11 May 2020
Whether your business was closed during lockdown, partially open, or completely open, we must recognise that Covid-19 has changed the way we think about many things in our lives. As we come out of lockdown – here are some things that you may want to consider when focusing on your post-lockdown revival
The first thing you need to look at is where you are now … look at your financials – what can you afford?
Review your sales pipeline - what income / revenue do you have coming in? Has your pipeline gone into hibernation - do you need to kick-start it and how will you do that? Do you have a sales team or is this something that you will need to do yourself?
Review your outgoings / expenses – do you need to make savings or cut costs or are you in a good place to move forward? If you do need to cut costs, where can these savings be made without jeopardising your recovery?
Have you tapped into available grants and funding – there is a short window of opportunity here as the Government will reduce grants as soon as they can, so talk to your accountant to find the best support for your business (if you haven’t already) but focus now on regeneration rather than survival - how can you use this funding to revive your business
Once you have done this, you should begin to have a clearer picture about what you can afford moving forward. It may be that you need to switch your business back on in steps as opposed to jumping in with both feet from Day One
The next step is to tap into your network – through social media, let people know that you are still in business and planning / focusing on the future. Touch base with your client base, find out how they are and what support they need … and if you can help. Contact your suppliers and ask how they are doing; find out if, and when they can support your future needs. If you have employees, let them know what you are planning their return to work and ask for their ideas and concerns
Whilst you are tapping into your network, you also need to be carrying out various risk assessments – if you have not done this already, these could include:
The next step to look at is workforce planning – how will you re-integrate your employees back into your business? Having reviewed all other factors, you should have identified which employees are essential for re-growth, whether that be building your pipeline or delivering services / products. You will also identify if potentially redundancies are an option that you may need to consider, and redundancy costs and consultations will need to be factored into your recovery plan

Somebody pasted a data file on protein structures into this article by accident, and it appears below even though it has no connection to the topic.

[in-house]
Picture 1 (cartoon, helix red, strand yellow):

Use the Government’s job retention scheme to facilitate a phased return of employees. Rotate team members (in 3-week blocks) between furlough, on-site work and/or homeworking. Introduce and stagger shifts or workdays to enable social distancing whilst kick-starting service/product delivery. As recently updated, the job retention scheme is available until the end of October 2020 (however there will be changes to the scheme from July 2020), so plan any phased return plan using the July / October timescales
One other factor consider under workforce planning is holiday entitlement – employees will still accrue holidays whilst on furlough so, on their return to work they will have this holiday to take. Whilst the Government has temporarily legislated to allow employees to carry forward up to 4-weeks holiday from this year into the next two years, they have also allowed furloughed workers to take holidays whilst on furlough and receive holiday pay (at 100% of their pre-furloughed normal rate) if authorised by their manager to do so. An employer has the right to request that an employee takes holiday at a specified time as long as the appropriate notice is given but, as a business owner you need to decide what is feasible and affordable for your business at this time and build this into your back to work plan
And finally, let’s focus on communication – it’s important that you keep all your business’ stakeholders in the loop at this time … especially your employees. Let them know that you are working on a plan, then let them know what the plan is. Involve them – ask for their concerns, ideas, and feedback; they more input they have, the more buy-in they will have when the plan is implemented. Educate them also – about how the ‘new normal’ will look; ways of working will need to adapt, and your expectations will change on how the business needs to operate in the post-lockdown era
Throughout all of this, one thing we must all recognise is that our ability to cope with and manage change and, if you need help with this, all you need to do is ask. Alternatively, if you want more regular, strategic HR support to plan your post-lockdown business revival, please get in touch